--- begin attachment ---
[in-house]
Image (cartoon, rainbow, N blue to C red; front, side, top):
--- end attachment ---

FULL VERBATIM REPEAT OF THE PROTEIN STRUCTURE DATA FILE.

[in-house]
Image (cartoon, rainbow, N blue to C red; front, side, top):